The world is filled with ecological communities made up of multiple evolving populations. Controlling the trajectory of evolution in these communities is a general problem that is important in contexts ranging from medicine to machine learning. In the ECODE (Evolutionary Control of Digital Ecologies) lab, we are an interdisciplinary group of researchers coming at this problem from a range of different perspectives. Our core tool is digital evolutionary experiments, but we embrace many other approaches where appropriate, including pure mathematical theory, collaborations with wet lab researchers, and re-analysis of previously published field data. While some of our work is very abstract, we usually try to ground our research in specific communities that we would like to steer the evolution of. That way our findings have immediate relevance to those problems, but also inform our general quest for evolutionary control. Some specific problems that we are interested in include:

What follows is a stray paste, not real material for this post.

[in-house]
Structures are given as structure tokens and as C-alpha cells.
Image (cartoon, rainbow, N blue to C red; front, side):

We use this class of evolution-inspired machine learning algorithms as a model system for testing out new eco-evolutionary theory, while simultaneously using what we learn to build evolutionary algorithms that solve problems better.
In collaboration with the Symbulab we study what factors influence evolution along the mutualism-parasitism spectrum in the context of communities in which many symbionts inhabit a single host.
In collaboration with the Theory Division we study ways to control the trajectory of evolution in cancer to prevent the evolution of therapy resistance.
Data Analysis Tools
A lot of the questions that we ask are challenging to answer and require us to develop new mathematical and statistical tools for asking evolutionary questions. We are particularly interested in metrics based on phylogenetic trees.
Members of the ECODE lab come from a wide diversity of backgrounds ranging from biology to computer science.